Response of hepatic proteins to the lowering of habitual dietary protein to the recommended safe level of intake


Afolabi, Paul R., Jahoor, Farook, Gibson, Neil R. and Jackson, Alan A. (2004) Response of hepatic proteins to the lowering of habitual dietary protein to the recommended safe level of intake. American Journal of Physiology. Endocrinology and Metabolism, 287, (2), E327-E330. (doi:10.1152/ajpendo.00036.2004).

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Description/Abstract

The plasma concentrations of albumin, HDL apolipoprotein A1 (apoA1), retinol-binding protein (RBP), transthyretin (TTR), haptoglobulin, and fibrinogen were measured, and a stable isotope infusion protocol was used to determine the fractional and absolute synthesis rates of RBP, TTR, and fibrinogen in 12 young adults on three occasions during a reduction of their habitual protein intake from 1.13 to 0.75 g·kg–1·day–1 for 10 days. This study was performed to determine whether healthy adults could maintain the rates of synthesis of selected nutrient transport and positive acute-phase proteins when consuming a protein intake of 0.75 g·kg–1·day–1. During the lower protein intake, the plasma concentration of all the proteins, other than HDL-apoA1, remained unchanged. HDL-apoA1 concentration was significantly reduced (P < 0.05) after 3 days of the lower protein intake, but not at 10 days. The rates of synthesis of RBP and TTR declined significantly (P < 0.05), whereas the rate of synthesis of fibrinogen remained unchanged. The results indicate that, when normal adults consume the recommended safe level of protein, 0.75 g·kg–1·day–1, there is a slower rate of turnover of nutrient transport proteins than on their habitual diet. Hence, healthy individuals consuming this amount of protein may be less able to mount an adequate metabolic response to a stressful stimulus.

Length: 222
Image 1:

Item Type: Article
ISSNs: 0193-1849 (print)
Related URLs:
Keywords: protein requirements, acute-phase proteins, nutrient transport proteins
Subjects: R Medicine > R Medicine (General)
Q Science > QP Physiology
Divisions: University Structure - Pre August 2011 > School of Medicine > Developmental Origins of Health and Disease
ePrint ID: 25180
Date Deposited: 06 Apr 2006
Last Modified: 27 Mar 2014 18:14
URI: http://eprints.soton.ac.uk/id/eprint/25180

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